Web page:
Rock of Reflection

By Dan Quach

In downtown Vancouver if you walk from Robson to Alberni street you will see this huge boulder mounted on glass. The artist Henrik Ha-kan-son took a 6,000 pound granite boulder from a quarry near Squamish, cut it into 4 equal sections then sandwiched it between panes of ¾” inch of tempered glass. In this piece Henrik Ha-kan-son explains that “the rock and its reflection floats, as if mirroring the moving planet, an expression of the measure of time, weight and value, contrasting with its surroundings and the sky to create its own unique ecology.”

Looking at the segmented sculpture what I think about is the multiple identities I have had in life. When I was younger I had my social life separated into distinct groups. I had my church friends, my friends from school, my LGBTQ friends and coworkers. I would always hang out with each group separately and never mingled the groups together. With the separate identities came more stressors in my life as everyone only saw a certain part of me. Tired of this situation of being selective I decided to hold an experiment.

One day, I threw a dinner party, but invited people from each one of these groups.  I was really afraid my friends from different groups wouldn’t get along with each other.  Where my work friends might bore others to death about work and programming , and my church friends might be too ‘churchy’ for my other friends.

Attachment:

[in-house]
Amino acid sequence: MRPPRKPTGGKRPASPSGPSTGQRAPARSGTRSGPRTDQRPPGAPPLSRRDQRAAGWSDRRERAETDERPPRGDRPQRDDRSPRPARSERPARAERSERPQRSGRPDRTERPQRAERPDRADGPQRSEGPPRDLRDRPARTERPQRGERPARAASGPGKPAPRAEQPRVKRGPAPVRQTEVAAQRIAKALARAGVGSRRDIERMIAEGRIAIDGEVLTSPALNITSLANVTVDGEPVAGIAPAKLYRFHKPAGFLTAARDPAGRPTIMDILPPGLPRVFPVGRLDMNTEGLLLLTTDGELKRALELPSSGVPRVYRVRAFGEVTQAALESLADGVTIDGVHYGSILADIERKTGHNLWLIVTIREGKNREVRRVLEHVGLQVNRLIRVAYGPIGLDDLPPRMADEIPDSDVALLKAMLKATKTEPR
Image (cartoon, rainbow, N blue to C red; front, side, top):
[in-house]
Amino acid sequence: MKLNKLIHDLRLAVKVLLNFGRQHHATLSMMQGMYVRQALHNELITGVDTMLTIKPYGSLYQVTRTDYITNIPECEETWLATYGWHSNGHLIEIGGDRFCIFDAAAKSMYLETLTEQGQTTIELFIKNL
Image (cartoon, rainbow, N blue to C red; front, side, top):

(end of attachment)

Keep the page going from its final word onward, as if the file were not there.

Like the evil person running the experiment, after serving food, I stepped back in the corner just to observe how all the interactions were going.  I was kind of shocked as the night panned out pretty perfectly. I realized I hadn’t given my friends enough credit to accept and be around more diverse crowds and some people even branched off and became closer friends with each other than they had been with me! 

As the months progressed and I held these dinner parties I also felt my identity solidify more.  One where I am a Christian, who works in tech, who went to a University whose mascot was an Anteater. Most importantly as my social networks mingled my church friends were able to show and reflect the winsome nature of Jesus while sharing a meal.

Ephesians 2:20-22 says “As God’s household, you are built on the foundation of the apostles and prophets with Christ Jesus himself as the cornerstone. The whole building is joined together in him, and it grows up into a temple that is dedicated to the Lord. Christ is building you into a place where God lives through the Spirit.”

The cornerstone is used in masonry as a reference point for all other stones helping determine the alignment and position of the whole structure. In addition to Christ as our cornerstone we are meant to be part of a community of faith which builds up the place where God’s love and hope is experienced.

Your turn to reflect: Is your Christian identity the element that integrates or divides the facets of your life?